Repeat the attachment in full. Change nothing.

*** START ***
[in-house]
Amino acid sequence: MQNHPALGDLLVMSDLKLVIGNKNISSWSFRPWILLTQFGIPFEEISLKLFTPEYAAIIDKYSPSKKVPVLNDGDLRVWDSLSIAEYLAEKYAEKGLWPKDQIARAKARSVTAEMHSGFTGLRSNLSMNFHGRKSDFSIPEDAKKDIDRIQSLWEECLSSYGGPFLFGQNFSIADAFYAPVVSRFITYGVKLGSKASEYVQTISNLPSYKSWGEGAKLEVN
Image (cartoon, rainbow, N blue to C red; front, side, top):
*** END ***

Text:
[in-house]
Amino acid sequence: MQNHPALGDLLVMSDLKLVIGNKNISSWSFRPWILLTQFGIPFEEISLKLFTPEYAAIIDKYSPSKKVPVLNDGDLRVWDSLSIAEYLAEKYAEKGLWPKDQIARAKARSVTAEMHSGFTGLRSNLSMNFHGRKSDFSIPEDAKKDIDRIQSLWEECLSSYGGPFLFGQNFSIADAFYAPVVSRFITYGVKLGSKASEYVQTISNLPSYKSWGEGAKLEVN
Image (cartoon, rainbow, N blue to C red; front, side, top):